Meniscus cells elongated and aligned perpendicularly to applied electric fields with the majority of cells increasing their motility towards the cathode, especially at higher electric field strengths. Due to the polar nature of water and negative surface charge associated with the chamber and cell surfaces,19, 20 in these studies, a concomitant electro-osmotic flow was directed from the anode to the cathode.20 However, the influence of these flow fields is likely minimal as cells generally align parallel to the direction of fluid flow,21 while in our experiment perpendicular alignment was observed. The mechanisms involved during this transformation include changes at both the cellular and molecular level.10 At the cellular level, cell elongation and alignment is achieved through stabilization of microtubules and reorganization of actin stress fibers.22 Actin reorganization is the major driver as its inhibition disrupts migration completely, while microtubule disruption results in reduced cell speed, but does not affect cell motility.23 At the molecular level, cytoskeletal rearrangement is likely influenced by an influx of ions such as calcium, through voltage-gated24 or stretch-activated channels.25 These ions influence actin polymerization and depolymerization dynamics and myosin contractility.10 Electric fields also redistribute and activate growth factor receptors on the cell surface.26 Cells contain charged surface molecules on their plasma membrane that may shift during electric field application, thereby altering and perhaps polarizing the plasma membrane.27 Cell stimulation may also result from upregulation of autocrine motility factor that is known to activate small Rho-like GTPases and subsequently induce actin fiber reorganization.28
The electric field experiments were performed over a 2 h period. Most studies only report cell data at the final time point; however, cell migration trends at shorter times may also be significant. We observed that OM cells traveled quickest in the last 30 min of stimulation. Acceleration in cell speed was absent in IM cells exposed to electric fields and in both IM and OM control groups where cell migration occurred at a uniform pace through the 2 h period. These findings indicate meniscus cells may require priming for longer periods to garner maximum cell displacement and directed velocity. Alternatively, other stimuli such as growth factors may be used synergistically with electric fields to enhance and direct cell migration.29
Passaged meniscus cells were used as they are common in tissue engineering studies where primary cells are scarce and must be expanded to attain sufficient cell numbers. Enhanced cell speed and directed cathodal velocity was observed with increasing passage number. This was not surprising as meniscus cells differentiate with passage towards a fibroblastic lineage,30 and fibroblasts are known to migrate quicker than chondrocytes.14, 15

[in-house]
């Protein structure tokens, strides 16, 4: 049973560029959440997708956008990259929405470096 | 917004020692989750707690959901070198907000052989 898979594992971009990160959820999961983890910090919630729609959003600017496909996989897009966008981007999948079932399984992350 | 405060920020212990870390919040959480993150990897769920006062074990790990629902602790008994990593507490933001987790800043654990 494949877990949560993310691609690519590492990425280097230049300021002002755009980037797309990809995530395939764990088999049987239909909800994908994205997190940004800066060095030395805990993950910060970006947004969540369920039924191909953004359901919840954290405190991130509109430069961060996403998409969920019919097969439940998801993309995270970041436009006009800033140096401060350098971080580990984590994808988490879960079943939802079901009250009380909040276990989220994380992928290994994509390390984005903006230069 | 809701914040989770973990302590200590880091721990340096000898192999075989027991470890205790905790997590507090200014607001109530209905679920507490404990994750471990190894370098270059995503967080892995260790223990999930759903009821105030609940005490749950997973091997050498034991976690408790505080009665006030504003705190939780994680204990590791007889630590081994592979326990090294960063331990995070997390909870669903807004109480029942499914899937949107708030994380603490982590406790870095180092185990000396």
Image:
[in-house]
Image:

Our results have direct implications for meniscus tissue engineering studies in which spatial sorting of cells within a scaffold system is important and may influence functional properties of the construct. A scaffold can be devised to include primary or passaged cells from both the IM and OM. Differences in cell migration speed between OM and IM cells may affect desired spatial cell sorting within the scaffold after electric field stimulation. This concept has been examined for fibroblast migration within a 3D-collagen gel.31 In another study by the same group comparing fibroblasts and bone marrow-derived mesenchymal stem cells, the authors showed that fibroblasts were able to reorient the collagen matrix to a greater degree than were the mesenchymal stem cells.32 This result is consistent with the higher adhesion strengths of the mesenchymal stem cells, which presumably allows them to resist reorientation in the field. Alternatively, surface properties of the scaffold may be modulated to achieve desired adhesion strengths required for optimal cell migration or reorientation. Thus, our study can be used as a platform for future meniscus tissue engineering studies utilizing primary or passaged meniscus cells for scaffold-based tissue engineering.
In conclusion, we demonstrated that applied electric fields can significantly enhance and direct IM and OM cell migration. To build on these results, future experiments should examine meniscus migration on ECM substrates and through dense matrices, as substrates can influence cell motility and galvanotactic response.15, 33 An examination of the effect of electric fields on co-cultures of meniscus cells and synoviocytes may also provide a more realistic picture, as synoviocytes aid in meniscus repair.13 In addition, in vivo techniques used in other applications34–36 to generate and quantify electric fields will need to be further developed for the meniscus repair scenario.
The authors would like to acknowledge our funding source NIH AR52871 and Keith Yeager for his help with the loading chamber.